September 15, 2003
MyIE2: Internet Explorer on Steroids?
LawTech Guru Rating: 4.5 (out of 5)
Unhappy with the prospect that Microsoft could stagnate Internet Explorer 6.0? It doesn't mean you have to suffer without IE innovation and new features until Longhorn, the next Windows version, is speculated to be released in 2005 or 2006.
Ever since Mozilla hit the scene, I've really liked its tabbed browsing (initially introduced by the Opera browser), pop-up blocking, and numerous other features. After a while, using IE just felt like driving last year's model.
Enter MyIE2, a browser that's based on the IE extension architecture. Simply put, MyIE2 puts its own interface over the top of IE (IE 5.x or IE 6.0 required). I just took it for a test spin, and really like it.
Check out the added features for IE 5 & 6 when using MyIE2:
I ran SpyBot and Ad-aware (both latest versions and fully updated) on my PC after installing MyIE2, and it came up clean. Thus it doesn't appear to install any adware or spyware.
I still think Mozilla beats IE in rendering speed and standards compliance. If you want sheer performance, try Firebird. These browsers, along with Opera, are leading the charge in innovation. Despite this review's catchy title, MyIE2 can't improve upon IE's rendering performance, as it's more of a feature facelift. Another downside is that MyIE2's pull-down menus are somewhat cluttered with features, so it's a bit difficult to quickly find the desired feature or setting.
Other minor annoyances include the lack of displaying the IE link bar by default, which is where I keep my frequently-accessed sites. MyIE2 has a feature for marking selected IE bookmarks as "Most Favorite", but it's just not as convenient as IE's link bar. Fortunately, MyIE2's support forum decribes how to set your IE Links folder to appear on the MYIE2 "Favorites" bar to restore the IE Link bar equivalent, so it's not really missing. Also, the "close window" "X" buttons are not located on the same bar as the tabbed browser windows -- which requires some extra mousing to close the embedded browser windows, especially when I have the "autohide" feature enabled. But again, these are fairly minor, and thoughtful features like "minimize to system tray" help offset these shortcomings.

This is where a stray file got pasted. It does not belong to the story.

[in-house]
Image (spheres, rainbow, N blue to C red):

[Addendum 10/7/03: After further use, I've discovered there are several additional methods for closing the tabbed browser windows without using the standard "X" buttons on MyIE2's System Bar: 1) Double-click on the desired tab button, 2) Right-click on the tab button and click on "Close", and 3) Add the "Click Close Button" by clicking on the "Options" pull-down menu, then click on "MyIE2 Options", click on the "Tab" category on the left, and customize the options further, including checking the "Quick Close Button" option. I particularly like the ability to quickly close any tabs by double-clicking on them. However, it does take some care to avoid double-clicking when you intended a single click to select it instead of closing it.]
If you don't like switching back and forth between IE and another browser like Mozilla (think of the bookmark management issues), or just want to give IE some zing, this is one to check out. The tabbed browsing feature alone is worth the trip, especially in conjunction with the group tab save and restore. I also like how the skins and 3D menus really spruce up IE's plain jane appearance. Who knows? Perhaps we just might see some of these features in IE7. So here's your chance to drive next-next year's model today. (After all, Longhorn isn't due until at least 2005.)
Perhaps the best part is that MyIE2 flies in the face of Brian Countryman's (Microsoft's Program Manager in Internet Explorer) statement that "Legacy OSes have reached their zenith with the addition of IE 6 SP1. Further improvements to IE will require enhancements to the underlying OS." After all, think of all the great improvements MyIE2 added as an extension to IE 5.x and 6.0, and it just happens to run on "legacy OSes" such as Windows 98.
The price? Per its donation page: "MyIE2 is free, which means you could use it free of charge for non-commercial purpose [sic]."
Pretty darn good for this much functionality.
[Updated 9/22/03 re: tabbed browsing and IE link bar features.]
Topic(s): Web Wizardry
Posted by Jeff Beard